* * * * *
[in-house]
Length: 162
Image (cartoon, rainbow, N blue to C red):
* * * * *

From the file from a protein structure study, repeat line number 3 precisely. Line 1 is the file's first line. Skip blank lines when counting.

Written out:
Image (cartoon, rainbow, N blue to C red):